By Steve Moran
As the COVID-19 pandemic blossomed and began to ravage senior living, several people suggested I take a look at what Phil Fogg, the CEO of Marquis Companies was doing on a number of strategic fronts to confront the challenge. I reached out about doing an interview and here is what he had to say.
Marquis is a diversified post-acute organization based in the Portland, Oregon area with communities in Oregon, California, and Nevada. They have communities that provide skilled nursing and assisted living, plus some memory care and independent living. They also have a care management company, physician services, pharmacy, rehab, and a business intelligence analytics company.
Cool Thing #1 – Connecting Residents to the Community
Virtually Vital was an idea born from the pandemic. The big challenge was how to keep residents connected with the local community.
They started a Facebook and social media initiative where they asked the community, family members, and staff to post anything they thought residents might find interesting. Here are a couple of examples posted in the Virtually Vital Facebook Group.
This first one is part of a regular feature by a team family member who grows pears. Every few days he does a video shoot on the progress of this year’s crop.
The one below is just a post of some “crazy hairstyles”.
Since they have started this initiative they have had thousands of posts and as you can see they could be pretty much anything . . . cute pictures, funny videos, kids singing, and musical performances.
They are, of course, doing some of the more traditional things like FaceTime, Zoom, and visits through windows. The goal is to give families as much access as possible within their safety guidelines.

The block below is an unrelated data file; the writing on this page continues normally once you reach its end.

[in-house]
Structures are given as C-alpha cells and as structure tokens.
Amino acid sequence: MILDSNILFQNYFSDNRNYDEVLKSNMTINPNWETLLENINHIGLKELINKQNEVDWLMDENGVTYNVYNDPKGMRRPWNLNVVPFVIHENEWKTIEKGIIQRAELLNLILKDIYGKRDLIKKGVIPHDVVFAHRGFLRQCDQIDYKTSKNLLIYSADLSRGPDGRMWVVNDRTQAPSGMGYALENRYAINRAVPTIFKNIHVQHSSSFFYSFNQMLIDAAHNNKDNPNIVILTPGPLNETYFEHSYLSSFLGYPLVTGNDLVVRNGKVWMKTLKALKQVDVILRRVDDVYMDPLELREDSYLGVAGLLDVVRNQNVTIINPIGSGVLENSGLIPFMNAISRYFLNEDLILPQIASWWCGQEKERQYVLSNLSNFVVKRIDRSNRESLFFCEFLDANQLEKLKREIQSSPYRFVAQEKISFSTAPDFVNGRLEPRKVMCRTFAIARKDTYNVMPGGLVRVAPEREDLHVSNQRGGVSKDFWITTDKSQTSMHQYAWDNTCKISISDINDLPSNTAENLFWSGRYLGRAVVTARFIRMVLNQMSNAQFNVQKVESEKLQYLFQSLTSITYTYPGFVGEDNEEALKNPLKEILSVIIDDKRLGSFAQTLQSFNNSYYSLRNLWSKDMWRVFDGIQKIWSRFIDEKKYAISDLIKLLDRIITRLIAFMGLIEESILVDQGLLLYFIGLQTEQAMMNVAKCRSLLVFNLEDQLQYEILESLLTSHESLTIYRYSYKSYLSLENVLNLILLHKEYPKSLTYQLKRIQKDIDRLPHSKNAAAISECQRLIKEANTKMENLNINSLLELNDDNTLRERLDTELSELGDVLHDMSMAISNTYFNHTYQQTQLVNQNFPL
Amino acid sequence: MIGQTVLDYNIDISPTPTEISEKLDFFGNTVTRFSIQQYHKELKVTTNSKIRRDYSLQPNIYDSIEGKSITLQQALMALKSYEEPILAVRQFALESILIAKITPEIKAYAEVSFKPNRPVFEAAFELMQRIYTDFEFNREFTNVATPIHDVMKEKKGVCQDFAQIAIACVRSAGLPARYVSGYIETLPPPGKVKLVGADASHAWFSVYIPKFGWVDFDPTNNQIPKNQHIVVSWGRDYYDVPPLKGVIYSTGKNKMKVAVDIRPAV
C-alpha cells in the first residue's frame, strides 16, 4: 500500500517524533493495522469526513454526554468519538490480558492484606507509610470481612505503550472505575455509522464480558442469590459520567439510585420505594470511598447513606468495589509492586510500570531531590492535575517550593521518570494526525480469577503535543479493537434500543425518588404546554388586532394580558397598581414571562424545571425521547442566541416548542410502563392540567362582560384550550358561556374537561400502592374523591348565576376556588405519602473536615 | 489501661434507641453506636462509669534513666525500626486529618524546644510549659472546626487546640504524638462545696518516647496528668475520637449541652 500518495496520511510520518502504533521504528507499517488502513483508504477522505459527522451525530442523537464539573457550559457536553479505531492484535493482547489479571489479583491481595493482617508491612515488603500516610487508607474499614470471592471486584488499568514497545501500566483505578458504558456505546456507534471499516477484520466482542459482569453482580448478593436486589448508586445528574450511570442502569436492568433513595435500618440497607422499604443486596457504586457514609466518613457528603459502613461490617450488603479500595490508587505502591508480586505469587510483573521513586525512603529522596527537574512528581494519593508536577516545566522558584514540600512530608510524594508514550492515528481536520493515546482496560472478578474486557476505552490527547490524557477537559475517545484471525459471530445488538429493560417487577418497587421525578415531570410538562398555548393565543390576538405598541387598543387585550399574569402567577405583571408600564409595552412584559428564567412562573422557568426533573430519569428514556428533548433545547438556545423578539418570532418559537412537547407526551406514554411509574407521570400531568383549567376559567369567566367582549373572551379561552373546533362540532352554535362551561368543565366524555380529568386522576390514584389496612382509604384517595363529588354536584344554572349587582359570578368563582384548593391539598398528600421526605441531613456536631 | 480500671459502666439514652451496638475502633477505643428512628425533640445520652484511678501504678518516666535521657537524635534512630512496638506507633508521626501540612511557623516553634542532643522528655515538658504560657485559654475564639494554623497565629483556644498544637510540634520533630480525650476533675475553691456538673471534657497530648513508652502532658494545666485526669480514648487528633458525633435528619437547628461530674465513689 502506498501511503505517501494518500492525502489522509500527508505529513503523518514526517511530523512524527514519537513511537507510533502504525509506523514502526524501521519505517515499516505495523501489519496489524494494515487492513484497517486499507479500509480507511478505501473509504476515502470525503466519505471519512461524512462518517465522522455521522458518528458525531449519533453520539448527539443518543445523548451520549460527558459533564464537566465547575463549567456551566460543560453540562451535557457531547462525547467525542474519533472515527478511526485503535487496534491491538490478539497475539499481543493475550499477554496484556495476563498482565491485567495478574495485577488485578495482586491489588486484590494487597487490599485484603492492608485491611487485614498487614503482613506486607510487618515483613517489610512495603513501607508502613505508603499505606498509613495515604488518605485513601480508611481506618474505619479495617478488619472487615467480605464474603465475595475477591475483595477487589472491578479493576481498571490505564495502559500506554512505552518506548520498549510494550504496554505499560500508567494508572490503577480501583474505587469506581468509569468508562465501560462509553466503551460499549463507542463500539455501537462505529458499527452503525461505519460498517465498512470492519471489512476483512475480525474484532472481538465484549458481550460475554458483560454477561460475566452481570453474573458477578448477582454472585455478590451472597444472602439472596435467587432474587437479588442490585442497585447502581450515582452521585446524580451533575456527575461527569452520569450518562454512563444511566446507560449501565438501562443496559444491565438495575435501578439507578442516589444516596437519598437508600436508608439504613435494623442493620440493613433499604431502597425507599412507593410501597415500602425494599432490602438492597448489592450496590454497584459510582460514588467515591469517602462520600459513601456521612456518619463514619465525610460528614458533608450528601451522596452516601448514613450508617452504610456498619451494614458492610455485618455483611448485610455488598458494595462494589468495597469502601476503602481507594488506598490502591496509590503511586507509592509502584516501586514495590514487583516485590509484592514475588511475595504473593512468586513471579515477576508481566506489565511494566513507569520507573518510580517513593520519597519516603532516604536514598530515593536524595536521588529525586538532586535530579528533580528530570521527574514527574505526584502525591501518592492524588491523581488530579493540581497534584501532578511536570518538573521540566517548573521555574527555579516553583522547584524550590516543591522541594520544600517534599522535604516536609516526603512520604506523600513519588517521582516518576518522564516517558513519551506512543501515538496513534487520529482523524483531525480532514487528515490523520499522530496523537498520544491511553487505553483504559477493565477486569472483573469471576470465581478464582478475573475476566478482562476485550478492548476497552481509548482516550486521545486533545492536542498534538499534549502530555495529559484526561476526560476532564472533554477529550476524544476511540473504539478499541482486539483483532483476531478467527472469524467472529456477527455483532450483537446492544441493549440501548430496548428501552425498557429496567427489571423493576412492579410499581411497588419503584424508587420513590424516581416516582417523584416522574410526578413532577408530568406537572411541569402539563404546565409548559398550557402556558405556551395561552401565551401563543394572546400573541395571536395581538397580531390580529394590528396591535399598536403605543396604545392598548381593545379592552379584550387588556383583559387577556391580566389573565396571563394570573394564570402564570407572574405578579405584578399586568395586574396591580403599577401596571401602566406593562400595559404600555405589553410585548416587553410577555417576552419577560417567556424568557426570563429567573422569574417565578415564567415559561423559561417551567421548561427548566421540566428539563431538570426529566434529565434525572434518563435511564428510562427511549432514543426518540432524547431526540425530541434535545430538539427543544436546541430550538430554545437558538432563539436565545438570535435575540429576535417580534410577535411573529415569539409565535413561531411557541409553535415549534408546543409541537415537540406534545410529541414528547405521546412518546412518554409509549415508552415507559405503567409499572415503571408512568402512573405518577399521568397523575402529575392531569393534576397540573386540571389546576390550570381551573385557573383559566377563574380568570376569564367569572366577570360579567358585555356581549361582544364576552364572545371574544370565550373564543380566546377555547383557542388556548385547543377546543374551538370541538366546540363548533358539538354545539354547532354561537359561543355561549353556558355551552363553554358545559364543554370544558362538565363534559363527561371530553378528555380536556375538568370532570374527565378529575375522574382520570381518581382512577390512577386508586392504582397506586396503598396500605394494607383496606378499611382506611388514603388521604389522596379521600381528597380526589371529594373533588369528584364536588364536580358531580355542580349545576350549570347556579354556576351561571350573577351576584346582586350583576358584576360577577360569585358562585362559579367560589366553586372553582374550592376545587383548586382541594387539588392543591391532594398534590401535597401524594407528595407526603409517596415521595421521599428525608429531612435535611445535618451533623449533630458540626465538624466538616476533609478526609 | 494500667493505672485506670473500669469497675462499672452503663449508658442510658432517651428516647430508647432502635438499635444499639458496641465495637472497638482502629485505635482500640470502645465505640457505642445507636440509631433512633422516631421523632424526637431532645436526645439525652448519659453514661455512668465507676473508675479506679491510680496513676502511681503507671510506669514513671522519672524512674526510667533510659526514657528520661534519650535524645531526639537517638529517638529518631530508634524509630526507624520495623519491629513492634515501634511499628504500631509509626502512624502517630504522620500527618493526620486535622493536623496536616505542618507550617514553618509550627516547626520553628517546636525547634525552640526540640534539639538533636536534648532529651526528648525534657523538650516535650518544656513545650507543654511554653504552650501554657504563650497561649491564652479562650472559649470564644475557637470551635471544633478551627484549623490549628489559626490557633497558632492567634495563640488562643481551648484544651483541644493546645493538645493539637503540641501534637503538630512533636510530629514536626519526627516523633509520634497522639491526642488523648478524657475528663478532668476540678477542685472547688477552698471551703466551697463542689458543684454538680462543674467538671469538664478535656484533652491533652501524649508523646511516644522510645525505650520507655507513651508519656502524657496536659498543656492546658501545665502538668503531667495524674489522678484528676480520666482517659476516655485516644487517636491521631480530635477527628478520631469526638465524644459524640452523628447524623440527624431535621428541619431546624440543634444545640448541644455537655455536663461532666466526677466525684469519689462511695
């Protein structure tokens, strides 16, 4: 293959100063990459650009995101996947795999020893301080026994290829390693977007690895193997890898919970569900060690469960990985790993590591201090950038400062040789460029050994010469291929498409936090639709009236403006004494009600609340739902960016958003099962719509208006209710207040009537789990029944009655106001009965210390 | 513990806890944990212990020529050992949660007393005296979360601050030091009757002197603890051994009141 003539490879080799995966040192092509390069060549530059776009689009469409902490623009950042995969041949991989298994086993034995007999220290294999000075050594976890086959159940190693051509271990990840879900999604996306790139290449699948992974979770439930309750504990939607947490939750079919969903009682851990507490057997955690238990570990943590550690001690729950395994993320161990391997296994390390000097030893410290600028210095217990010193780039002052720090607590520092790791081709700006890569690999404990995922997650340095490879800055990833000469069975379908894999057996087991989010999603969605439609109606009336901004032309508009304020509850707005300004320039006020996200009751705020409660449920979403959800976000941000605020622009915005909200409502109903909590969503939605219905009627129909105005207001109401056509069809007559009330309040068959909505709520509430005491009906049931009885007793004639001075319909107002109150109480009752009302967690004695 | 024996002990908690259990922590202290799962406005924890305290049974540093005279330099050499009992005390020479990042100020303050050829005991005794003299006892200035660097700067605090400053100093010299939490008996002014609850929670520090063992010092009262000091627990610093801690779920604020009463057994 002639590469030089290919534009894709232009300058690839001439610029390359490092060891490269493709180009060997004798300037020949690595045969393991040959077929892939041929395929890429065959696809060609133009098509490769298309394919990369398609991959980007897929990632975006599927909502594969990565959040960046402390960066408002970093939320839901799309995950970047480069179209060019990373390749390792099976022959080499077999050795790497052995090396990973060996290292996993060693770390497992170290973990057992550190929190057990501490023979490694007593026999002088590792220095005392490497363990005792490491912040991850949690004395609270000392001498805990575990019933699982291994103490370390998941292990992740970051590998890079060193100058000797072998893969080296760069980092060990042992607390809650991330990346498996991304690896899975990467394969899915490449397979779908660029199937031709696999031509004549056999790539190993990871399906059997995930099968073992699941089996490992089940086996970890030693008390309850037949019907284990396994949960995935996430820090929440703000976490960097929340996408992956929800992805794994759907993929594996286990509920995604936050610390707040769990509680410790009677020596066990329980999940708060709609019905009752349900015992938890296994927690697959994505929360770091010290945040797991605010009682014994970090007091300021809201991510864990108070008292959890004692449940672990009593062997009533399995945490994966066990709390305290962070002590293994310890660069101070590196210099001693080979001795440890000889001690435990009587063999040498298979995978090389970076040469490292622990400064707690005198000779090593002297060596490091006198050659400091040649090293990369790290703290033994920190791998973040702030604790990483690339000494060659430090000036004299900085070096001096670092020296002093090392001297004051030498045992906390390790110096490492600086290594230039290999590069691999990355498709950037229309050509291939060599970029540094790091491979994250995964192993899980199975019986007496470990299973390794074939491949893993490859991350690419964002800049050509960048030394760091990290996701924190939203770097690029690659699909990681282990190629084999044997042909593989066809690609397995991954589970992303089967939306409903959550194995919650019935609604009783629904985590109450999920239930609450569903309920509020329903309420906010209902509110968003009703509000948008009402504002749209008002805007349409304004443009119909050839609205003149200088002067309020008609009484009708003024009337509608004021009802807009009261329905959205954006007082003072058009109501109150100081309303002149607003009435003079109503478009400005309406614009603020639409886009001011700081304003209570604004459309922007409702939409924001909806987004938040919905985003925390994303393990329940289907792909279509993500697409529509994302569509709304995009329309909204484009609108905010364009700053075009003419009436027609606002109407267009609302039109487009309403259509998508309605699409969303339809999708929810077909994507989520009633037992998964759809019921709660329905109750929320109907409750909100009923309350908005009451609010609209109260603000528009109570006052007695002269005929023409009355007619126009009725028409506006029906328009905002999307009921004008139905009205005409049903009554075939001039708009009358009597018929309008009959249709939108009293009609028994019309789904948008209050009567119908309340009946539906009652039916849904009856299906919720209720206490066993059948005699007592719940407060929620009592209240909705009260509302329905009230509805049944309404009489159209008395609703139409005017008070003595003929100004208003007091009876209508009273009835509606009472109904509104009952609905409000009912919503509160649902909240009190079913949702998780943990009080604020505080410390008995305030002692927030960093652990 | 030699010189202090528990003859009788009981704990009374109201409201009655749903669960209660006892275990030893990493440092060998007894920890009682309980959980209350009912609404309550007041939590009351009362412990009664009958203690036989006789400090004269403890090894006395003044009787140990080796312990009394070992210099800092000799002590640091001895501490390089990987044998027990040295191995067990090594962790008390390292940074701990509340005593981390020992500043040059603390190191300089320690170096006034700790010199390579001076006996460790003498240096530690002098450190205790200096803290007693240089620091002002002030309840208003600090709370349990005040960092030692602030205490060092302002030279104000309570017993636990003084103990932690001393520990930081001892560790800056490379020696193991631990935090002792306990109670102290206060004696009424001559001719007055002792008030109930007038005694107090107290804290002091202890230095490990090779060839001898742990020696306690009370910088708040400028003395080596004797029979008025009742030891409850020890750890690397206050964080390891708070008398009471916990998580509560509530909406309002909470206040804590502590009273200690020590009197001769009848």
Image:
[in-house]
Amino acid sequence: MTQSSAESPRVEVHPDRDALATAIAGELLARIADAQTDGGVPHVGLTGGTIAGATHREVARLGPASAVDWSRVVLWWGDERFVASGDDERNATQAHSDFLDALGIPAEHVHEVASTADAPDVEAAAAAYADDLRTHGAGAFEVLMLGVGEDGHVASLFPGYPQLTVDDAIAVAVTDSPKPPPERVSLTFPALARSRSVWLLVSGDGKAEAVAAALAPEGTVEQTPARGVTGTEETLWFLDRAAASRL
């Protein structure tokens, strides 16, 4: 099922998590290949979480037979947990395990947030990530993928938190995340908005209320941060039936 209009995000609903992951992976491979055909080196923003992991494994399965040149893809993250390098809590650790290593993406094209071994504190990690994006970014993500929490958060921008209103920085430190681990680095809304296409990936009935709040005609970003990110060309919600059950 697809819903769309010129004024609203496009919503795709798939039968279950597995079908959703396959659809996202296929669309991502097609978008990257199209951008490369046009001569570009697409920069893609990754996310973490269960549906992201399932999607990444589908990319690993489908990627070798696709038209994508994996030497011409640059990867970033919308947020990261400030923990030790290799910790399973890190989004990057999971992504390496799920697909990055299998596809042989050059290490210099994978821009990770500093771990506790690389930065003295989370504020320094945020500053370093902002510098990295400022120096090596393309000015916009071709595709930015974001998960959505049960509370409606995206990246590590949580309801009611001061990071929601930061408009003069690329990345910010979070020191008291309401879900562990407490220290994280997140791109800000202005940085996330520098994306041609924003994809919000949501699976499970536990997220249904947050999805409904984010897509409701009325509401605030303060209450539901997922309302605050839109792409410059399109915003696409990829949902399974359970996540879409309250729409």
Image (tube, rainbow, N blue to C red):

They even have their own comedian who provides wit and wisdom for residents.
They would welcome your submissions as well.
Cool Thing #2 – Protecting Residents
Being in the Pacific Northwest, they were acutely aware of the tragedy that unfolded at the Life Care Center of Kirkland and it served as an early warning that ultimately spread across the country, but was watched with a critical eye by the Marquis team.
Early on it was clear they were going to be judged by the adequacy and quantity of their PPE supply; that it was the one thing more than any other that would keep residents and team members safe. They also realized that their traditional supply chain was decimated by what happened in China. They got creative and started chasing supplies wherever they could find them. This included sending an airplane to Mexico to get masks.
As a result, they have had an amazing supply of PPE, which has enabled them to protect teams while at work as well as let team members take PPE home.
The reason we tell these stories and talk to leaders like Phil is to capture insights that may help other leaders. I asked Phil to talk about what they have learned.
- “The first phase of this was responding to the crisis and dealing with all of the CMS, CDC, and state health authority guidelines, executive orders . . . Every single day our team was sending out policy changes to the entire company. And so being adaptive was critical.”
- Human resource challenges were magnified and there was no playbook for dealing with the challenges. They would solve problems and they would then find more problems.
- The need for a deeper supply of PPE for times like this.
- Having good communication channels to communities, residents, staff, and families is critical. People want to know what is going on. They added texting to the mix as a quick and easy way to provide updates.
The Deepest Dive
You can watch the entire interview here, where we covered a lot of additional territory.
Here’s to the Heroes!
Finally, and maybe most importantly, they created this video to celebrate the heroic work frontline staff are doing.